Zoom-in on the Orion Nebula

Whether the new star is indeed the missing — and the last — piece of the puzzle will require further observations. So will the answer to the question of why the original star system broke apart in the first place. While there are several theories — interactions with other, nearby stellar groups, or two of the stars getting too close to each other — none can be ruled out or confirmed yet.

And while the astronomers are looking for the answers to these questions, who knows what mystery they will find next?


[1] The relative speed of the star was calculated by comparing observations made in 1998 with the recent ones. The speed of the newly discovered star is almost 30 times the speed of most of the nebula’s stellar inhabitants.

More information:

The Hubble Space Telescope is a project of international cooperation between ESA and NASA.


Images of Hubble:

Hubblesite release:

Images, Text, Credits: NASA/ESA/Hubble/Akira Fujii/Video: Credit:ESA/Hubble, A. Fujii, M. Kornmesser/Music: Johan B. Monell (

Best regards,

Beautiful science with astronaut aurora

ISS - International Space Station logo.

17 March 2017

Some of the most wonderful pictures taken by astronauts from space are of aurora dancing over our planet. Now the photos are more than just pretty pictures thanks to an ESA project that makes them scientifically usable.

The Milky-Way and Aurora Australis

Aurora offer a visual means to study space weather, the conditions in the upper regions of our atmosphere. These colourful displays are produced when electrically charged particles from the Sun in the solar wind are channelled along Earth’s magnetic field lines and strike atoms high in the atmosphere.

Just as the Sun is instrumental to the weather on Earth, solar activity influences space weather, which in turn can interfere with radio transmissions, satellites and even our electricity supply.

From above and below - and straight through

Scientists study space weather and aurora using satellites such as ESA’s Cluster and Proba-2 but also through a network of cameras on the ground. These cameras are often obscured by cloud or snow and coverage from the southern hemisphere is poor because there is not much land at the best latitudes for observing the aurora.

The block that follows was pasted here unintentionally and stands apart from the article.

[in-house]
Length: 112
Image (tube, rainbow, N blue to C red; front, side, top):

Thick green fog of aurora

Pictures taken from the International Space Station can provide context and add information by improving estimates of the height and length of aurora. Some reach 500 km high – meaning the Station sometimes flies right through them.

Looking to the stars to find out when an where

First, the images need to be turned into something that scientists can use. Most important is to know the exact time and where the camera was pointing.

The images are downloaded in the highest resolution and faulty camera pixels from cosmic radiation are removed. Software corrects distortion from the camera lens.

Geo-referencing astronauts' auroral photography to further their use in research

Just like 19th century explorers before navigation satellites existed, ESA’s team looked to the stars for reference, using software to identify the stars in the image, and from there calculate the precise position of each pixel and its scale.

Last, the image time is determined by linking cities with their calculated locations and the horizon.

Software engineer and ESA young graduate trainee Maik Riechert, who worked on the project, explains: “The ideal images for processing are pictures showing Earth and the stars with the horizon just above the middle.”

Putting it all together

When all the images are processed, the timelapse videos offer a way to check the process went smoothly. Any jitter or changes in star tracking will show up in the final video, so a smooth run proves that the individual images are ready for analysis.

Now it is over to the scientists who can use the extra information in their research. Find the full dataset on the automatic geo-referencing of astronaut auroral photography webpage. A paper describing the method is available here: